The Commission for Religious Relations with the Jews has published today the document “The Gifts and the Calling of God are Irrevocable: a Reflection on Theological Questions Pertaining to Catholic-Jewish Relations on the Occasion of the 50th Anniversary of ‘Nostra Aetate’ (No. 4)”. The text consists of a Preface and seven chapters, entitled: “A brief history of the impact of ‘Nostra Aetate’ (No.4) over the last 50 years”, “The special theological status of Jewish-Catholic dialogue”, “Revelation in history as ‘Word of God’ in Judaism and Christianity”, “The relationship between the Old and New Testament and the Old and New Covenant”, “The universality of salvation in Jesus Christ and God’s unrevoked covenant with Israel”, “The Church’s mandate to evangelize in relation to Judaism”, and “The goals of dialogue with Judaism”.
“Fifty years ago”, says the Preface, “the declaration ‘Nostra Aetate’ of the Second Vatican Council was promulgated. Its fourth article presents the relationship between the Catholic Church and the Jewish people in a new theological framework. The following reflections aim at looking back with gratitude on all that has been achieved over the last decades in the Jewish–Catholic relationship, providing at the same time a new stimulus for the future. Stressing once again the unique status of this relationship within the wider ambit of interreligious dialogue, theological questions are further discussed, such as the relevance of revelation, the relationship between the Old and the New Covenant, the relationship between the universality of salvation in Jesus Christ and the affirmation that the covenant of God with Israel has never been revoked, and the Church’s mandate to evangelize in relation to Judaism. This document presents Catholic reflections on these questions, placing them in a theological context, in order that their significance may be deepened for members of both faith traditions. The text is not a magisterial document or doctrinal teaching of the Catholic Church, but is a reflection prepared by the Commission for Religious Relations with the Jews on current theological questions that have developed since the Second Vatican Council. It is intended to be a starting point for further theological thought with a view to enriching and intensifying the theological dimension of Jewish–Catholic dialogue”.
The first chapter explains that great steps have been taken in the dialogue over the last fifty years, and from a detached co–existence we have arrived at a deep friendship. The Conciliar declaration “Nostra aetate” (No.4) definitively clarified, for the first time, the theological position of the Catholic Church with respect to Judaism; the document has had a profound impact on many levels.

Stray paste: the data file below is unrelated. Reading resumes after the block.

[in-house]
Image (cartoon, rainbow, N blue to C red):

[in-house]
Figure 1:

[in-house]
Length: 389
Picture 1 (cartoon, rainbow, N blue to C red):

With regard to the special theological status of Jewish-Catholic dialogue, the second chapter affirms that due to the Jewish roots of Christianity, the dialogue with Judaism cannot in any way be compared with the dialogue with the other world religions. Jesus can only be understood in the Jewish context of his time, even though as the Messiah of Israel and the Son of God he transcends that historical horizon.
God reveals himself in his Word, he communicates with humanity. For Jews, this Word is present in the Torah; for Christians, the Word of God is incarnated in Jesus Christ. However, the Word of God is indivisible and calls people to respond in such a way that enables them to live in the right relationship with God, as explained in the third chapter.
The relationship between the Old and New Testament and the Old and New Covenant is the subject of the fourth chapter. There is an indissoluble unity between them, even though the two Testaments are interpreted differently by Jews and Christians on the basis of their respective religious traditions. For Christians, the Old Testament is to be comprehended and interpreted in the light of the New Testament. The Old and the New Testament are part of the one and only history of the covenant between God and his people, even though the New Testament is to be considered as the fulfilment of the promises of the Old.
The fifth chapter emphasizes that through Jesus Christ – and through his death and resurrection – all people have a part in salvation, all are saved. Although Jews cannot believe in Jesus Christ as the universal redeemer, they have a part in salvation, because the gifts and the calling of God are irrevocable. How that can be possible remains an unfathomable mystery in the salvific plan of God.
The sixth chapter considers the Church’s mandate to evangelize in relation to Judaism. While in the dialogue with Judaism Catholics bear witness to their faith in Jesus Christ, they refrain from active attempts at conversion or mission towards Jews. The Catholic Church does not envisage any institutional mission towards the Jews.
In the seventh and final chapter, it is concluded that engaging in fraternal dialogue, Jews and Catholics must learn to understand one another better, to seek reconciliation increasingly, and to commit themselves together to promote justice, peace and the care of creation, and to make every effort to oppose anti–Semitism. They must intensify their cooperation in the humanitarian sphere in assisting the poor, the vulnerable, and the marginalized, in order to become, together, a blessing for the world.
The full text of the document can be consulted at: